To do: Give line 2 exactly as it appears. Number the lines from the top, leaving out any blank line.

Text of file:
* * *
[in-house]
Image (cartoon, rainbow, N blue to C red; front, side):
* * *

Image (cartoon, rainbow, N blue to C red; front, side):